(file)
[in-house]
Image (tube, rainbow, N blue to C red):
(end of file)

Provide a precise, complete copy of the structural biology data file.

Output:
[in-house]
Image (tube, rainbow, N blue to C red):